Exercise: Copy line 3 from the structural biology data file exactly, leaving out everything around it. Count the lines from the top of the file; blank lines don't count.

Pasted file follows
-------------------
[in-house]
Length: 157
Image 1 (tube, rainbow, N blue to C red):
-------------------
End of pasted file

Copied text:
Image 1 (tube, rainbow, N blue to C red):